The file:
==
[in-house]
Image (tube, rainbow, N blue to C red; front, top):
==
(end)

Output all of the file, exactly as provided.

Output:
[in-house]
Image (tube, rainbow, N blue to C red; front, top):